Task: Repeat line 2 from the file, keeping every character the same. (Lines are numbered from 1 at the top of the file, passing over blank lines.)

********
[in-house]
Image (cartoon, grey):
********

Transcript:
Image (cartoon, grey):